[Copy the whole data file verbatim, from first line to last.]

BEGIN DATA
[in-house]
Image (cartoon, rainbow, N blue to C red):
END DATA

[in-house]
Image (cartoon, rainbow, N blue to C red):